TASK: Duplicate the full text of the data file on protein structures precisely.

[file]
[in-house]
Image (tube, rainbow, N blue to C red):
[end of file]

[in-house]
Image (tube, rainbow, N blue to C red):